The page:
This World and That One
Sometimes you defy it,
I am not that, watching a stranger
cry like a dog when she thinks she’s alone
at the kitchen window, hands forgotten
under the running tap.
The curtains blow out, flap the other side of the sill.
In you one hole fills another,
stacked like cups.
You remember your hands.
Connie Voisine’s third book of poems centers on the border between the United States and Mexico, celebrating the stunning, severe desert landscape found there. This setting marks the occasion as well for Voisine to explore themes of splitting and friction in both human and political contexts. Whose space is this border, she asks, and what voice can possibly tell the story of this place?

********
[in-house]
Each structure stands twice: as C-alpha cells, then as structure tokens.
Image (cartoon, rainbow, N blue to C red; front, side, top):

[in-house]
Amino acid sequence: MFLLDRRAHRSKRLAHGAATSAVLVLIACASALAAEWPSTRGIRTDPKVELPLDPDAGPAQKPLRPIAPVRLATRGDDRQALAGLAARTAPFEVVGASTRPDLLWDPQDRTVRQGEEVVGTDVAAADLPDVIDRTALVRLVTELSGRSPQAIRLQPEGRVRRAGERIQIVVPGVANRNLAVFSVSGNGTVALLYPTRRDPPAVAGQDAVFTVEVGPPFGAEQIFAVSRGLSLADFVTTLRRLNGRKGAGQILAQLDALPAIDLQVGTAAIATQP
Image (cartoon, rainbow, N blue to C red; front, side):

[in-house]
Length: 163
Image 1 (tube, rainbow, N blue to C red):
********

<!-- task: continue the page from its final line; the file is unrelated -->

In a wry, elegiac mode, the poems of Calle Florista take us both to the edge of our country and the edge of our faith in art and the world. This is mature work, offering us poems that oscillate between the articulation of complex, private sensibilities and the directness of a poet cracking the private self open—and making it vulnerable to the wider world.